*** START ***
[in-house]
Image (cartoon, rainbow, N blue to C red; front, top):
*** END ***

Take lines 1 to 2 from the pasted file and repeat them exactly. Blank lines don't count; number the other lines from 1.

[in-house]
Image (cartoon, rainbow, N blue to C red; front, top):